A startup is trying to solve bitcoin’s child pornography problem

Clamping down.
Clamping down.
Image: Reuters/Benoit Tessier
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Bitcoin, a currency with the promise of anonymity and no government regulation, is a potential hotbed for nefarious activities.

On Wednesday (July 6), London-based bitcoin startup Elliptic announced that it was teaming up with International Watch Foundation (IWF), a non-profit in the UK that monitors online child abuse, to curb the cryptocurrency’s role in the spread of child pornography.

“Over the past few years, we have seen an increasing amount of bitcoin activity connected to purchasing child sexual abuse material online,” IWF CEO Susie Hargreaves said in a press statement. IWF has identified over 68,000 URLs associated with child pornography.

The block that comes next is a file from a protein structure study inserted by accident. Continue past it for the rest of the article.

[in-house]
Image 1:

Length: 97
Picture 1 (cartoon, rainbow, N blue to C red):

Elliptic’s role is to identify all forms of illicit activity on the bitcoin blockchain, the public ledger that’s shared amongst users to easily keep track of transaction information. Elliptic flags illicit activity for financial institutions and law enforcement agencies. Under the partnership, IWF has provided Elliptic with a database of bitcoin addresses associated with child sexual abuse content for the company to monitor.

The web-based digital currency relies on algorithms to move money around quickly and anonymously with no need for a central authority like Paypal or a bank to process transaction according to Elliptic chief executive James Smith. “This makes bitcoin great for remittances, micro-payments, and small business transactions,” said Smith. “Unfortunately, these same properties of decentralized, international value transfer also make bitcoin appealing to criminals.” Beyond child pornography buyers and sellers, the platform also attracts drug dealers and arms dealers.

“By tagging evidence of criminal activity in our database, such as child exploitation, we are able to alert our customers when criminals are attempting to transact through their systems,” Smith told Quartz.